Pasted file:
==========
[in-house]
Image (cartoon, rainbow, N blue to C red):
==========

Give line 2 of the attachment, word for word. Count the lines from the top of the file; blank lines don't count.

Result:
Image (cartoon, rainbow, N blue to C red):